- Original Research Article
- Open Access
Supplemental oxygen users with pulmonary fibrosis perceive greater dyspnea than oxygen non-users
Multidisciplinary Respiratory Medicinevolume 10, Article number: 37 (2015)
Exertional dyspnea is a hallmark symptom of fibrosing interstitial lung disease (fILD), and oxygen (O2) desaturation is common among patients with fILD. Supplemental O2 is prescribed to maintain normoxia and alleviate dyspnea. We sought to better understand the associations between O2 and dyspnea in fILD during the 6-min walk test (6MWT).
1326 fILD patients compose the sample group. Borg dyspnea and other 6MWT variables were compared between subjects who performed the test without (non-users) versus with O2 (users).
There were 812 users and 514 non-users; users were older, more likely to have smoked, had greater body mass index, and had more severe fILD. Despite a similar 6-min SpO2, users perceived greater dyspnea than non-users (Borg 3.9 ± 2.0 vs 2.9 ± 1.7, p < 0.0001). Whether subjects became hypoxemic (6-min SpO2 < 89 %) or not during the walk, the results were the same: users perceived greater dyspnea than non-users (hypoxemic: users 3.5 ± 2.1 vs non-users 2.7 ± 1.8, p < 0.0001; non-hypoxemic: users 3.4 ± 1.9 vs non-users 2.4 ± 1.6, p < 0.0001). Among subjects who did not desaturate (SpO2 drop < 4 %), users walked a shorter distance (944.9 ± 367.0 vs 1385.3 ± 322.4 feet, p < 0.0001) but perceived greater dyspnea than non-users (3.3 ± 1.6 vs 2.3 ± 1.7, p = 0.005). No combination of potentially influential predictor variables entered in multivariate models explained more than 11 % of the variance in dyspnea ratings.
Dyspnea is a complex perception, and in patients with fILD, O2 may lessen, but does not resolve, it. Further research is needed to clarify why fILD patients who use O2 perceive greater levels of dyspnea with activity than O2 non-users.
The interstitial lung diseases (ILD) comprise several diffuse parenchymal lung diseases whose causes are unknown or include exposures (e.g., dust, drug, aerosolized organic antigen) or underlying connective tissue disease (CTD). Regardless of cause, fibrotic ILD (fILD) is typically progressive and incurable. Exertional dyspnea, the hallmark symptom of fILD, impairs physical functioning and quality of life (QOL) and is often associated with peripheral oxygen desaturation (SpO2).
The six-minute walk test (6MWT) is commonly used as a measure of submaximal exercise capacity in patients with fILD. Along with distance walked (6MWD), SpO2, heart rate and dyspnea ratings are often collected as part of the 6MWT and used to assess disease status. Dyspnea—the perception of “breathing discomfort”—is due to a number of complex physical, psychological, social, environmental and interwoven physiological factors . In fILD, dyspnea is due to reduced lung compliance, inability to expand tidal volume in response to respiratory drive, as well as the elevated work and oxygen cost of breathing . Although dyspnea is a personalized perception, it is experienced and described similarly among patients with the same respiratory disease. For example, during symptom-limited incremental cycle exercise tests, ‘unsatisfied inspiratory effort’ and ‘rapid breathing’ are used to describe dyspnea by patients with fILD—but not by healthy controls . Investigators have observed that although patients with fILD desaturated to a greater degree than patients with chronic obstructive pulmonary disease (COPD), patients with COPD perceived greater dyspnea. In that study, SpO2 was an independent predictor of dyspnea severity in patients with fILD but not in those with COPD. Among patients with fILD, SpO2 explained only a quarter of the variance in dyspnea ratings .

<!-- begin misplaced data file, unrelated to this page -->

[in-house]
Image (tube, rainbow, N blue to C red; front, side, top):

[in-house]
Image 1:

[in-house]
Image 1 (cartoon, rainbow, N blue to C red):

Although supplemental oxygen (O2) is commonly prescribed to patients with fILD to maintain normoxia, in hopes of relieving dyspnea (and by extension, improving physical functioning and QOL), few studies have aimed to decipher the beneficial effects of O2 in these patients [5, 6]. Through this study, we sought to examine how dyspnea ratings from patients who use O2 compare with those from patients who do not use O2.
The study group was composed of 1326 patients with fILD evaluated at National Jewish Health (NJH) from January 1, 2008 to December 30, 2014. We formed the cohort by querying the NJH research database for patients with fILD who completed at least one 6MWT. Patients with underlying connective tissue disease (CTD) were excluded; thus, the overwhelming majority of subjects had idiopathic pulmonary fibrosis (IPF), idiopathic nonspecific interstitial pneumonia (iNSIP) or chronic hypersensitivity pneumonia (cHP), with diagnoses made in accordance with accepted criteria [7–10]. The study was approved by the NJH Institutional Review Board (IRB; study #2868) which waived the requirement for written, informed consent.